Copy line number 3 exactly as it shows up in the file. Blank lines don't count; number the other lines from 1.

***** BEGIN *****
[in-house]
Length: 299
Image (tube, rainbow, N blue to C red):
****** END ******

Image (tube, rainbow, N blue to C red):